Language Contact in Japan: A Sociolinguistic History

Hardcover | April 30, 1999

byLeo J. Loveday

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The Japanese are often characterized as exclusive and ethnocentric, yet a close examination of their linguistic and cultural history reveals a very different picture: although theirs is essentially a monolingual speech community they emerge as a people who have been significantly influenced byother languages and cultures for at least 2000 years. In this primarily sociolinguistic study Professor Loveday takes an eclectic approach, drawing on insights from other subfields of linguistics such as comparative and historical linguistics and stylistics, and from a number of other disciplines -cultural anthropology, social psychology and semiotics. Focusing in particular on the influence of Chinese and English on Japanese, and on how elements from these languages are modified when they are incorporated into Japanese, Professor Loveday offers a general model for understanding languagecontact behaviour across time and space. The study will be of value to those in search of cross-cultural universals in language contact behaviour, as well as to those with a particular interest in the Japanese case.

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From Our Editors

The Japanese are often characterized as exclusive and ethnocentric, yet a close examination of their linguistic and cultural history reveals a very different picture: although theirs is essentially a monolingual speech community they emerge as a people who have been significantly influenced by other languages and cultures for at least ...

From the Publisher

The Japanese are often characterized as exclusive and ethnocentric, yet a close examination of their linguistic and cultural history reveals a very different picture: although theirs is essentially a monolingual speech community they emerge as a people who have been significantly influenced byother languages and cultures for at least 2...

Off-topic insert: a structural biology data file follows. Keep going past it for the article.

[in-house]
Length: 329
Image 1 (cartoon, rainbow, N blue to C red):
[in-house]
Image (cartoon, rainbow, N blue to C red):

From the Jacket

The Japanese are often characterized as exclusive and ethnocentric, yet a close examination of their linguistic and cultural history reveals a very different picture: although theirs is essentially a monolingual speech community they emerge as a people who have been significantly influenced by other languages and cultures for at least ...

Leo Loveday is Professor of Linguistics, Doshisha University, Japan.
Format:HardcoverDimensions:250 pages, 9.21 × 6.14 × 0.75 inPublished:April 30, 1999Publisher:Oxford University Press

The following ISBNs are associated with this title:

ISBN - 10:0198235593

ISBN - 13:9780198235590

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From Our Editors

The Japanese are often characterized as exclusive and ethnocentric, yet a close examination of their linguistic and cultural history reveals a very different picture: although theirs is essentially a monolingual speech community they emerge as a people who have been significantly influenced by other languages and cultures for at least 2000 years. In this primarily sociolinguistic study Professor Loveday takes an electric approach, drawing on insights from other subfields of linguistics such as comparative and historical linguistics and stylistics, and from a number of other disciplines - cultural anthropology, social philosophy and semiotics. Focusing in particular on the influence of Chinese and English on Japanese, Professor Loveday offers a general model for understanding language contact behaviour across time and space. The study will be of value to those in search of cross-cultural universals in language contact behaviour, as well as to those with a particular interest in the Japanese case.

Editorial Reviews

`a very worthwhile effort ... The book demonstrates the effectiveness of taking a sociolinguistic approach to diachronic data and presents an interesting account of the dynamically evolving situations of language contact in present-day Japan.'Shoko Yohena Okazaki, Journal of Sociolinguistics 1/3